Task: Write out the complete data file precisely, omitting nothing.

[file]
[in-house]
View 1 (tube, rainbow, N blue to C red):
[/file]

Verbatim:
[in-house]
View 1 (tube, rainbow, N blue to C red):